CMS will also share additional nonproprietary information that was part of the negotiation process, including information submitted by other interested parties. A drug company may choose to publicly discuss the negotiation process prior to the publication of the explanation of the maximum fair price. However, in those cases, CMS may decide to make early disclosures about the negotiation process as well.
CMS Issues CY 2024 Home Health PPS Update Proposed Rule. On June 30, CMS released the CY 2024 Home Health PPS Rate Update proposed rule, which would update Medicare payment policies and rates for home health agencies. This rule proposes routine, statutorily required updates to the home health payment rates for CY 2024. The proposed home health payment update percentage is a 2.7% increase (approximately $460 million). CMS estimates that Medicare payments to home health agencies in CY 2024 would decrease in the aggregate by 2.2%, or $375 million compared to CY 2023, based on the proposed policies. The CMS press release can be found here.
The Consumer Financial Protection Bureau, the Treasury Department and HHS issued a request for information (RFI) related to medical credit cards, loans, and other financial products used to pay for healthcare. The agencies would like to understand the prevalence, nature, and impact of these products, including disparities across different demographic groups. The agencies also seek comment on policy options to address practices by healthcare providers, health insurance issuers, employer-sponsored health plans, and financial companies that result in consumers paying excess costs. Comments are due 60 days from when the RFI is published in the Federal Register.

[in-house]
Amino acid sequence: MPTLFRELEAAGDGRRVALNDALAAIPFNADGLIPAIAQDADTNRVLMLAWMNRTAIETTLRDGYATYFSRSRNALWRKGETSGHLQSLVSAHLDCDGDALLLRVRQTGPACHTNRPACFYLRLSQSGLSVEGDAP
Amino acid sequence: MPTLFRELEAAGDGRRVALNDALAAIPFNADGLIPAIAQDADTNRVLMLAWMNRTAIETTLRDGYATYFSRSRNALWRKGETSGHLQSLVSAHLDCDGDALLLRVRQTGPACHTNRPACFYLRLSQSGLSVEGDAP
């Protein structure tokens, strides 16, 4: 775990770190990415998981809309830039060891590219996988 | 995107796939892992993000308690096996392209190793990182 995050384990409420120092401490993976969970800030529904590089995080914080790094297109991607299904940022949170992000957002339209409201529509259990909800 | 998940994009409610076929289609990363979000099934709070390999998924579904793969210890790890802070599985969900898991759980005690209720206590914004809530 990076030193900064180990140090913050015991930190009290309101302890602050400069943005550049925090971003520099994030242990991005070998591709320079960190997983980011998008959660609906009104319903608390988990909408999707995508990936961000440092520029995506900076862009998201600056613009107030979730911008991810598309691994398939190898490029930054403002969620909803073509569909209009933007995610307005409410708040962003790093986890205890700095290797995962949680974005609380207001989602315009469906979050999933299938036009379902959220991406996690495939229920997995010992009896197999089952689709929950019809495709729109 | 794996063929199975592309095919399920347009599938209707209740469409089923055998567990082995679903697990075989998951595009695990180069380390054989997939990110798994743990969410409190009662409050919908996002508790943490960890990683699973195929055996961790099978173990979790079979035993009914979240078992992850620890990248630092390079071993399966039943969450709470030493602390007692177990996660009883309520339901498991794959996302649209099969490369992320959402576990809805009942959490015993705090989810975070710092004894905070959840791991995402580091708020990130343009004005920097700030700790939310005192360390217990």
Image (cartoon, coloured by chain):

HHS released a new report projecting that nearly 18.7 million seniors will save approximately $400 per year on prescription drug costs when the $2,000 out-of-pocket prescription drug spending cap from the Inflation Reduction Act goes into effect in 2025. Among this population, the report finds nearly 1.9 million enrollees are projected to save at least $1,000 in 2025. Once all of the provisions modeled in this report are in effect in 2025, they collectively will result in about a $7.4 billion reduction in annual out-of-pocket spending.